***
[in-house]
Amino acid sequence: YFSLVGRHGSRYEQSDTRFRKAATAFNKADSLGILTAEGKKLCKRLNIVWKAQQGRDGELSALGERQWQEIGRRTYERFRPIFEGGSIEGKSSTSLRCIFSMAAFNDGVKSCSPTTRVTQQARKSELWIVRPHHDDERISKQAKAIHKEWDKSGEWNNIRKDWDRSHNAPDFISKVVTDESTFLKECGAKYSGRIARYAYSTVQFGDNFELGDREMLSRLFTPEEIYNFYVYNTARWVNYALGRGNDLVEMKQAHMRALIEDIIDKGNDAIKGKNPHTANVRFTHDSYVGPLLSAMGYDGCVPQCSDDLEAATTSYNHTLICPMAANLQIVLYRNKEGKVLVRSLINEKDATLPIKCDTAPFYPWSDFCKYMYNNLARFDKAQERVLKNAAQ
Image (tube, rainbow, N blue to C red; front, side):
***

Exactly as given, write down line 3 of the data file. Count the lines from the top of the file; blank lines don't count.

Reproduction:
Image (tube, rainbow, N blue to C red; front, side):